Key offences: Theft Act

Theft is defined under section 1 of the Theft Act of 1968. The basic definition of theft is the dishonest appropriation of property belonging to another with an intention to permanently deprive them of that property.

Appropriation is any assumption of the rights of an owner. This is interpreted very widely.

Property is defined in section 4 of the Theft Act of 1968 as: ‘money and all other property, real or personal, including things in action and other tangible property’.

Pproperty will be considered as ‘belonging to another’ where any person has possession, control or any proprietary interest in the property in question. If property has been genuinely abandoned then it will not belong to anyone and so this element of the offence will not be made out.

The mens rea is a dishonest intention to permanently deprive someone of property. So the offence will not be made out where someone intends to give something back, or intends to pay for something if it is for sale.

The Theft Act provides no working definition of the term ‘dishonesty’ but does give a list of circumstances which will not amount to dishonesty under section 2. This states that dishonesty will not be present where he has a right in law to the property (s2 (1) (a); where the owner would have consented had they known the circumstances (s2 (1) (b); where the owner cannot be discovered by taking reasonable steps (s2 (1) (c); but a person may be dishonest even though they were willing to pay for the property (s (2) (2).

George is accused of theft. He picked up a pair of pliers which were on sale in a garden centre. He carried them around with him as he shopped for other items. The security guard has prepared a witness statement saying that he saw George put the pliers under his top. George then walked around the garden centre looking at other items. George then headed for the exit of the shop. The security guard says he waited until George was outside of the garden centre before apprehending him. Which two of the following are incorrect:

  1. There is prima facie evidence of George’s intention to permanently deprive the garden centre of the pliers.
  2. There is no evidence of dishonesty because George picked up the pliers while shopping for other items.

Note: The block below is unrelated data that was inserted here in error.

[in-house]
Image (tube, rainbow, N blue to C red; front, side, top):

3. There is evidence of dishonesty because George put the pliers under his top.
  4. There is no evidence that anything has been appropriated because George was stopped before he left the garden centre car park.

Robbery under section 8 of the Theft Act 1968 is a theft using the threat of force. Section 8 says (1)A person is guilty of robbery if he steals, and immediately before or at the time of doing so, and in order to do so, he uses force on any person or puts or seeks to put any person in fear of being then and there subjected to force.

Tony is accused of robbery. He approached two elderly women. He shouted at them saying he would ‘batter them’ unless they handed over their handbags. The women passed them their handbags and Tony ran away with them. Which of the following is true:

  1. Tony did not use force in his theft therefore there is no evidence of robbery.
  2. Tony saying, he would ‘batter them’ is not a sufficiently immediate threat to justify an allegation of robbery. Aggravated theft would be a more appropriate allegation.
  3. Tony is appropriately accused of robbery because he put the women in fear of being subjected to force.
  4. Tony ran away before the threat of force had any effect. He is therefore not guilty of robbery.

Burglary under section 9 of the Theft act is the entering of a building as a trespasser with the intent to commit any of the offences listed in section 9 subsection (2). A person is guilty if (a)he enters any building or part of a building as a trespasser and with intent to commit any such offence as is mentioned in subsection (2) below; or (b)having entered any building or part of a building as a trespasser he steals or attempts to steal anything in the building or that part of it or inflicts or attempts to inflict on any person therein any grievous bodily harm. (2)The offences referred to in subsection (1)(a) above are offences of stealing anything in the building or part of a building in question, of inflicting on any person therein any grievous bodily harm  therein, and of doing unlawful damage to the building or anything therein.

Aggravated burglary under section 10 is where a person commits any burglary and at the time has with him any firearm or imitation firearm, any weapon of offence, or any explosive; and for this purpose.

Rita is accused of burglary. She entered a scrap yard that is owned by Useful Scrap Limited.  While inside the scrap yard, she picked up a hub cap from the ground. She climbed back over the fence. She walked away from the scrap yard and was found with the hubcap 30 feet away. Useful Scrap Limited use scrap metal to make reclaimed furniture. Which of the following is correct:

  1. Rita is not guilty of burglary. The scrap yard is not ‘part of a building’ and so she has not committed any trespass in entering.
  2. Rita is guilty of burglary. She has committed a theft having entered the scrapyard as a trespasser.
  3. Rita is not guilty of burglary. The hub cap could not be considered property and there is no evidence of Rita’s dishonesty.
  4. Rita is guilty of burglary. The issue for the jury will be whether or not the scrap yard was ‘part of a building’ for the purpose of the Act.